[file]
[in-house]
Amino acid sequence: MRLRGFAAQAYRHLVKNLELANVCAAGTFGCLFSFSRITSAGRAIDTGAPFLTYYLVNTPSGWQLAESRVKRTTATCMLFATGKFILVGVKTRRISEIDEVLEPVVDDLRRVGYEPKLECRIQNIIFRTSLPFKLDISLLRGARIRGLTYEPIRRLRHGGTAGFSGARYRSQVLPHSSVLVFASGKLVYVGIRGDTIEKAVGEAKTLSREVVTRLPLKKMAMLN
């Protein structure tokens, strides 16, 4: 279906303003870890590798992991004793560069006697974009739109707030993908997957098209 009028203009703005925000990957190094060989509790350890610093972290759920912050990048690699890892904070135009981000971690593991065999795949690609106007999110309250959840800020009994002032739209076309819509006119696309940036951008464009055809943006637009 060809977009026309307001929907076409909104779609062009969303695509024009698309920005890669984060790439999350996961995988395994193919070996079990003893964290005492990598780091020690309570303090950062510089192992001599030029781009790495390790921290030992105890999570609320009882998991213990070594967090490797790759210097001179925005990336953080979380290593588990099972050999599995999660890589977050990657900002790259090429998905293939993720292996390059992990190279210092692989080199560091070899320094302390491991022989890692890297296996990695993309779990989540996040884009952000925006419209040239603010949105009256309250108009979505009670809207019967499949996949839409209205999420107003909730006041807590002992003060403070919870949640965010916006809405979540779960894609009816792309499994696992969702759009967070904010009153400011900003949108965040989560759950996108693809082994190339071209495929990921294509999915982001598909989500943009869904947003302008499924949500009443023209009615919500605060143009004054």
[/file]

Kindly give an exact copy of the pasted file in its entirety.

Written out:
[in-house]
Amino acid sequence: MRLRGFAAQAYRHLVKNLELANVCAAGTFGCLFSFSRITSAGRAIDTGAPFLTYYLVNTPSGWQLAESRVKRTTATCMLFATGKFILVGVKTRRISEIDEVLEPVVDDLRRVGYEPKLECRIQNIIFRTSLPFKLDISLLRGARIRGLTYEPIRRLRHGGTAGFSGARYRSQVLPHSSVLVFASGKLVYVGIRGDTIEKAVGEAKTLSREVVTRLPLKKMAMLN
């Protein structure tokens, strides 16, 4: 279906303003870890590798992991004793560069006697974009739109707030993908997957098209 009028203009703005925000990957190094060989509790350890610093972290759920912050990048690699890892904070135009981000971690593991065999795949690609106007999110309250959840800020009994002032739209076309819509006119696309940036951008464009055809943006637009 060809977009026309307001929907076409909104779609062009969303695509024009698309920005890669984060790439999350996961995988395994193919070996079990003893964290005492990598780091020690309570303090950062510089192992001599030029781009790495390790921290030992105890999570609320009882998991213990070594967090490797790759210097001179925005990336953080979380290593588990099972050999599995999660890589977050990657900002790259090429998905293939993720292996390059992990190279210092692989080199560091070899320094302390491991022989890692890297296996990695993309779990989540996040884009952000925006419209040239603010949105009256309250108009979505009670809207019967499949996949839409209205999420107003909730006041807590002992003060403070919870949640965010916006809405979540779960894609009816792309499994696992969702759009967070904010009153400011900003949108965040989560759950996108693809082994190339071209495929990921294509999915982001598909989500943009869904947003302008499924949500009443023209009615919500605060143009004054």